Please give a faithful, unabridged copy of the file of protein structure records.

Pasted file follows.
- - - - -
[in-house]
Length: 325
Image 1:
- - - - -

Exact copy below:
[in-house]
Length: 325
Image 1: